Health26 Nov 2009 04:29 pm
Hypomania is a mood state characterized by a persistent and pervasive euphoric or irritable mood, which is manifested by thoughts and behaviors consistent with this state. Unlike mania, which involves psychotic symptoms and seriously impacts the everyday lives of the sufferer, hypomanics are usually fully functioning.
According to the DSM-IV-TR, a hypomanic episode is characterized by either marked euphoric or irritated mood lasting at least four days, plus three of the following symptoms (elevated mood) or four of the following symptoms (irritable mood):
pressured speech; rapid talking;
inflated self-esteem or grandiosity;
decreased need for sleep;
flight of ideas or the subjective experience that thoughts are racing;
easy distractibility and attention-deficit (superficially similar to attention deficit hyperactivity disorder);
increase in psychomotor agitation; and
involvement in pleasurable activities that may have a high potential for negative psycho-social or physical consequences (e.g., the person engages in unrestrained buying sprees, sexual indiscretions, or foolish business investments).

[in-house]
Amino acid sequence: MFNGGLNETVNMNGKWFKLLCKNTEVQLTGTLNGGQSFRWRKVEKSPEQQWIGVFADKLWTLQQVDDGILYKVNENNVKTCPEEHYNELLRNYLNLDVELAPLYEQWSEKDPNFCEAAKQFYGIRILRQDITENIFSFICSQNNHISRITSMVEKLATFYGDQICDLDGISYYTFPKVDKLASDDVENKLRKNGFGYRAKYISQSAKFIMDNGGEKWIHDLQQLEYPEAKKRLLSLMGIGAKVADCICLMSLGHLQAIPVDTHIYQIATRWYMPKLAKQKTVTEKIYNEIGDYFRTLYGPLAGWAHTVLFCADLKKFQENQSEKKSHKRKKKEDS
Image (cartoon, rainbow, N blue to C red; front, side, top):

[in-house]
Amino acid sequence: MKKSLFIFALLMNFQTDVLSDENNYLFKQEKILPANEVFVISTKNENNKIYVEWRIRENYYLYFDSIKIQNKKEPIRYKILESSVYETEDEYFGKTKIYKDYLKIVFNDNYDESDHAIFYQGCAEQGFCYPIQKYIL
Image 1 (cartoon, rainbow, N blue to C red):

Hypomania is a defining feature of bipolar II disorder and cyclothymia, but can also occur in schizoaffective disorder. However, many people who experience hypomanic episodes credit it with helping them achieve success and boosting their creativity. In support of these assertions, some research even suggests that hypomania may have evolutionary advantages. People with hypomania are generally well-liked and perceived as charismatic, energetic and creative. People experiencing hypomania are typically considered the “life of the party” and have little social inhibition.
The Hypomanic Edge, written by John Gartner, goes so far as to claim that a number of historical figures had hypomania, including Christopher Columbus, Alexander Hamilton, Andrew Carnegie, Howard Zinn and Louis B. Mayer. He argues that their exceptional drive and creativity could largely be attributed to hypomania, which imbued them with an almost preternatural energy and focus. The irrepressible musician Iggy Pop was diagnosed with hypomania in the mid-1970s (which helps explain his almost superhuman energy).
Because hypomanic episodes lack the severity and disabling qualities of mania, the condition is often difficult to diagnose. However, a hypomanic state can rarely be maintained indefinitely, and may signal the beginning of a more severe manic or depressive episode. Thus, hypomania is usually only diagnosed when the condition escalates into a manic state, or slides into a depressive one.
Leave a Reply
You must be logged in to post a comment.